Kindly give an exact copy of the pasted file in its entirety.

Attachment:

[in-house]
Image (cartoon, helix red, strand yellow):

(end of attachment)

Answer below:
[in-house]
Image (cartoon, helix red, strand yellow):